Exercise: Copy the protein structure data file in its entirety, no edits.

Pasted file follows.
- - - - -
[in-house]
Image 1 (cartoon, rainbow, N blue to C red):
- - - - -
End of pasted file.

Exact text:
[in-house]
Image 1 (cartoon, rainbow, N blue to C red):